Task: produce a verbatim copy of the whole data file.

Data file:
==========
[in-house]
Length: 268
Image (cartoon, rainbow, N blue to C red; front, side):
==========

[in-house]
Length: 268
Image (cartoon, rainbow, N blue to C red; front, side):